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First fang: 2015 Ford Focus ST

By Louis Cordony, 04 May 2015 Reviews

First fang: 2015 Ford Focus ST

Ford’s hot Focus gets a mid-cycle update

IT'S TAKEN a while to get here, but Ford’s mid-cycle update for its Focus hot hatch has allowed its European RS team to further hone the ST’s credentials as the thriller in its segment.

THE DAMAGE: $38,990

VITALS: 2.0-litre inline-4, turbo, 184kW/360Nm, front-drive, 1464kg


The most obvious changes for the 2015 Focus ST live on its outside, where it's has welcomed a new face, new colours to its pallet, and a new-look bum.

Elsewhere, beneath the sheetmetal, Ford's stiffened the body surrounding the engine bay, retuned the suspension, and reprogrammed the car’s electric steering.

The aesthetic result? Gone is the cutesy, bulbous nose of the old ST, now traded in for a squinty new pair of headlamps matched to a subtle new bonnet bulge. The tweaks align the ST's facade with Ford's incoming all-paw, banzai, RS super hatch, but there are still plenty of ST-specific details.

These are its subtly offset 18-inch alloys, the rear roof spoiler, and oh-so-cool centre dual hexagonal exhaust tip that fly the boy-racer flag. Meanwhile, brake calipers finished in red and a new flat grey body colour named ‘stealth’ continue that theme.

But where its visual redesign loses points is out back. Ford’s designers made the right move zapping 40mm from the rear taillights' height, but the louvered rear lower insert that has replaced the old winged item above the exhaust tips has dulled its visual impact. 

Moving inside, the interior has been much improved despite small changes. The new Ford SYNC2 infotainment system’s touch functionality has seen the button clutter replaced and liberated space for not only a much bigger 8-inch screen, but more storage space behind the gearshift.

Otherwise, besides the new flat-bottom steering wheel – which, much like the centre stack, has cleaned up its button act– the cabin’s very familiar, with the same partial-leather Recaros and defining its performance vibe, and overall it’s a nice place to be.


Bombing through Victoria’s mountainous outskirts reveals the Focus ST drives a lot like it looks: sharp, fast, and mildly intimidating.

Ford’s RS crew have had a re-think about its dynamic package to make better use of the broad 235mm Goodyear rubber, erecting new, stiffer shock absorbers –and harder bushes on the front lower arms and rear spring links—under each wheel guard matched to new springs.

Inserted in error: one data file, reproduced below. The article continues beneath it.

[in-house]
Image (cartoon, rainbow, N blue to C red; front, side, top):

Between the front hubs, however, the engine remains untouched, which is probably for the best as the ST’s beefy 360Nm often tries to shrug you off the steering wheel with rampant torque steer.

The engine’s fat and urgent bottom-end pays dividends in corners, freeing your hands to spend more time on the tiller than the gearshift. And that’s where you’ll want them, because while the car may balance its tyre load nicely once mid-corner, the ST’s still likes to rotate. 

This adjustability might explain why the steering is geared at 1.8-turns from lock to lock. It’s bullet fast, and also nicely weighted. But despite the new software tune, the steering can feel doughy when winding off excessive lock, and overall there are not great levels of feedback.

Feedback is more an issue when it comes to the ST’s ride. Without any adjustable tech to soften things up in urban environments, the static dampers tend to transfer a lot of high-speed compressions. The gain, however, is good body control, and a car that feels attune and extremely obedient to inputs.

Dynamically it's very impressive, and the ST revels smooth, winding, roads. Meanwhile its deep, bolstered seating position matched to a gearshift that slots with a magnetic-like catch richen the experience.

Where it's ultimately let down is the lack of a proper front differential, as the electronic inside-wheel braking unit is constantly challenged by the 2.0-litre's brawn.


Not everyone will adore the Focus ST in the same way not everyone wants to own a Rottweiler. From its rampant torque steer, to the firm ride and adjustable-but-slightly-threatening chassis, it feels a little unhinged. But that’s the ST’s allure.

In 2015 form, the ST feels more resolved, is better looking, while remaining still resolute in what it intends to do, which is egg you on for a thrilling drive. And for that, it gets our thumbs up.

3.5 stars out of five


Click here to read the full range review of the Ford Focus.

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